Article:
A publication of the Archaeological Institute of America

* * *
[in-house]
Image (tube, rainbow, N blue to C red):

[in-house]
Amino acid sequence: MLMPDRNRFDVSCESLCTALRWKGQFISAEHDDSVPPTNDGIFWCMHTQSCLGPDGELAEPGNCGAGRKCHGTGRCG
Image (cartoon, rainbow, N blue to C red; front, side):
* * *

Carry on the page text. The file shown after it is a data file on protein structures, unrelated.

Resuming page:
The South Agora of Aphrodisias, located in southwestern Turkey, was one of two public squares within the ancient city. It was built during the first century A.D., and had been previously interpreted as a commercial complex. However, recent archaeological work has shown that the space functioned in quite the opposite capacity, and was instead an urban park, equipped with a monumental pool, fountains, promenades, trees, and other greenery. “It had the grandeur of public city architecture and design, but was intended for relaxation, strolling, and some retail,” says University of Oxford archaeologist R.R.R. Smith. The enormous pool at the complex’s center measures 575 feet long and 82 feet wide and was bordered by marble benches, some even inscribed with gaming boards. Excavations and archaeobotanical analysis of plant remains revealed that rows of palm trees (likely Cretan date palms) and other plants once flanked the pool, providing not only a decorative element but also ample shade. These palms were not native to Aphrodisias, but would have been transported from coastal locations in southwest Asia Minor. This 3.7-acre park would have been very expensive to build and maintain. With its shaded walkways, flowing water, and lush vegetation cared for by an association of professional gardeners, it seems to have been designed for no other purpose than to provide the city’s inhabitants with a place of leisure. “It was highly unusual for its time,” says Smith.
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